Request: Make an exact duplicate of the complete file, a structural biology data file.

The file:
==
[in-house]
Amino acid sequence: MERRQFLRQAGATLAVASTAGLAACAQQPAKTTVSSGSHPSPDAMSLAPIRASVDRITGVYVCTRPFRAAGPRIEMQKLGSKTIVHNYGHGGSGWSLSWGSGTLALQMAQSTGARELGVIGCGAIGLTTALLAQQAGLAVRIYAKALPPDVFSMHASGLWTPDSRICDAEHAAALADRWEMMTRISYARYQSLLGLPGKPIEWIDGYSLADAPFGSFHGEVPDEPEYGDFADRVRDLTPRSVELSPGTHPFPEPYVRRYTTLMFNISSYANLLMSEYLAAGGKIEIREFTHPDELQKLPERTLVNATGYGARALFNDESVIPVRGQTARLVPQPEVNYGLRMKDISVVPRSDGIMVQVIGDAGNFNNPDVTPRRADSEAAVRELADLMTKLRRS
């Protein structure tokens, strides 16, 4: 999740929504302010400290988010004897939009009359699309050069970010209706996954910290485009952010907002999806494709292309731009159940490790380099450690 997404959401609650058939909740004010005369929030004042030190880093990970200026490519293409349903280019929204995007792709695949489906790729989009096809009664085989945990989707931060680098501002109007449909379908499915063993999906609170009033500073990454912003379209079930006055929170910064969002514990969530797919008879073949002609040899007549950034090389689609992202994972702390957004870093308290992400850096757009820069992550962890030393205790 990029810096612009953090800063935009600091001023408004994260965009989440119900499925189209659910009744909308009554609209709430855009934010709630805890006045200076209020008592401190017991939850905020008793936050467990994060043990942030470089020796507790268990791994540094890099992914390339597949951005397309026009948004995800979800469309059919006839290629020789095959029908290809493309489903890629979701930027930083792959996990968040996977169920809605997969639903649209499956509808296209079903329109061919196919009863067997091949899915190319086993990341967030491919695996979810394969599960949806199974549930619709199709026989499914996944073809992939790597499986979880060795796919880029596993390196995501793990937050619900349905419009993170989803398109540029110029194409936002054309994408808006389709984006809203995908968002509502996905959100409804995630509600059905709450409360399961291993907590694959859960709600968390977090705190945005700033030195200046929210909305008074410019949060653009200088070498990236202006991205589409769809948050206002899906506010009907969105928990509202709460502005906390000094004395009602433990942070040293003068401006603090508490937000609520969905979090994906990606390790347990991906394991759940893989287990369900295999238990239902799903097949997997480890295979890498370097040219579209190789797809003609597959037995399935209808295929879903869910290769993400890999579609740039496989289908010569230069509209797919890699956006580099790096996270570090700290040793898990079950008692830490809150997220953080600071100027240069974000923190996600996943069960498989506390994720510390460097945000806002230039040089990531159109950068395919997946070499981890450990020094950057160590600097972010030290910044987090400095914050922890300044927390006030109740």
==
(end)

[in-house]
Amino acid sequence: MERRQFLRQAGATLAVASTAGLAACAQQPAKTTVSSGSHPSPDAMSLAPIRASVDRITGVYVCTRPFRAAGPRIEMQKLGSKTIVHNYGHGGSGWSLSWGSGTLALQMAQSTGARELGVIGCGAIGLTTALLAQQAGLAVRIYAKALPPDVFSMHASGLWTPDSRICDAEHAAALADRWEMMTRISYARYQSLLGLPGKPIEWIDGYSLADAPFGSFHGEVPDEPEYGDFADRVRDLTPRSVELSPGTHPFPEPYVRRYTTLMFNISSYANLLMSEYLAAGGKIEIREFTHPDELQKLPERTLVNATGYGARALFNDESVIPVRGQTARLVPQPEVNYGLRMKDISVVPRSDGIMVQVIGDAGNFNNPDVTPRRADSEAAVRELADLMTKLRRS
């Protein structure tokens, strides 16, 4: 999740929504302010400290988010004897939009009359699309050069970010209706996954910290485009952010907002999806494709292309731009159940490790380099450690 997404959401609650058939909740004010005369929030004042030190880093990970200026490519293409349903280019929204995007792709695949489906790729989009096809009664085989945990989707931060680098501002109007449909379908499915063993999906609170009033500073990454912003379209079930006055929170910064969002514990969530797919008879073949002609040899007549950034090389689609992202994972702390957004870093308290992400850096757009820069992550962890030393205790 990029810096612009953090800063935009600091001023408004994260965009989440119900499925189209659910009744909308009554609209709430855009934010709630805890006045200076209020008592401190017991939850905020008793936050467990994060043990942030470089020796507790268990791994540094890099992914390339597949951005397309026009948004995800979800469309059919006839290629020789095959029908290809493309489903890629979701930027930083792959996990968040996977169920809605997969639903649209499956509808296209079903329109061919196919009863067997091949899915190319086993990341967030491919695996979810394969599960949806199974549930619709199709026989499914996944073809992939790597499986979880060795796919880029596993390196995501793990937050619900349905419009993170989803398109540029110029194409936002054309994408808006389709984006809203995908968002509502996905959100409804995630509600059905709450409360399961291993907590694959859960709600968390977090705190945005700033030195200046929210909305008074410019949060653009200088070498990236202006991205589409769809948050206002899906506010009907969105928990509202709460502005906390000094004395009602433990942070040293003068401006603090508490937000609520969905979090994906990606390790347990991906394991759940893989287990369900295999238990239902799903097949997997480890295979890498370097040219579209190789797809003609597959037995399935209808295929879903869910290769993400890999579609740039496989289908010569230069509209797919890699956006580099790096996270570090700290040793898990079950008692830490809150997220953080600071100027240069974000923190996600996943069960498989506390994720510390460097945000806002230039040089990531159109950068395919997946070499981890450990020094950057160590600097972010030290910044987090400095914050922890300044927390006030109740």